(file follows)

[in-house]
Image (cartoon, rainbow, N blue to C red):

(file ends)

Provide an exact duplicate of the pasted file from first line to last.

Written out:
[in-house]
Image (cartoon, rainbow, N blue to C red):